If Bets

College Football Betting: If Bets

By Loot, NCAA Football Handicapper, Lootmeister.com

“If” bets are confusing at first, but once you master it, you can use it as an alternative to parlays or making two straight separate bets. It also is a helpful alternative when time is a factor or if we are running low on our bankroll. You bet 2 teams on the same ticket. “If” you win the first bet, you place an equal amount on the second game.

Basically, an “if” bet is like a parlay. In parlays, you need to win the first game to have action on the second game just like “if” bets. On an “if” bet, you only bet the same amount that you bet on the first game. You do not also bet the winnings.

When working with an “if” bet, you might think the games need to start at different times. “If” bets can be made on games played simultaneously. When the first of your two games ends, an equal amount is bet on the second team even though it is already in progress. It might almost be over. It doesn’t matter.

An “if” bet forces you to take a stand and not make changes. It also makes the second game contingent on the result of the first game. Unlike making two straight bets, you cannot later change your picks. If you win the first game, you cannot collect your winnings. The action on the second game is locked in. However, when games overlap, an “if” bet allows you to essentially make 2 straight bets without having to invest double the money. Rather than betting $110 two times, you just make one “if” bet of $110.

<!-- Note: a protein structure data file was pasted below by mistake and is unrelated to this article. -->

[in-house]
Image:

This is the big difference: The first game on your ticket in an “if” bet is crucial. If the first of your two teams is a loser, the entire bet is a loss. But if the first game wins, you receive credit for that win even if the second team loses. You would only lose the juice. So being 1-1 on this bet is only good if the first game is a winner. So the first game is the more important of the two. You can also bet a “reverse,” which is discussed in another article.

Here are the 4 different scenarios:

Both Teams Win: You wager $110 on an “if” bet containing two teams. The first team wins, so you win $100 on your $110 bet. That same amount of $110 is now wagered on the second game and that wins for another $100 profit. You win a total of $200 and receive your $110 back.

First Team Wins/Second Team Loses: You make a $110 “if” bet. The first team wins and you win $100. $110 is automatically bet on the second team, which loses. Your ticket is cashed for $100 and all you lost was the $10 juice.

First Team Loses/Second Team Wins: When the first game loses, you automatically lose this bet, regardless of what happens in the second bet.

Both Team Lose: The bet is obviously a loser.

“If” bets are contrary to what we know about good handicapping. We ideally like to sit down and handicap the games. All games are either worthy of our betting consideration or they are not. We shouldn’t be using the mindset that we will only bet a game if a different game wins. Either it’s a bet you should make or it is not. In addition, if we are 1-1, our results should always reflect that. In an “if” bet, there are times where going 1-1 would make us a loser, as opposed to the nominal loss of vig you would incur by making straight bets.

There are times where it makes sense, but it’s because things in your life are getting in the middle of you and your action. Say you are in Las Vegas. There are things to do. If you can be in the sportsbook all day on an NFL Sunday, more power to you. But sometimes, we need to go have dinner, take the kids somewhere, or entertain a woman who might be repelled by sportsbooks. And you might be short on money after fulfilling everyone’s needs. So sometimes the circumstances make an “if” bet a good choice.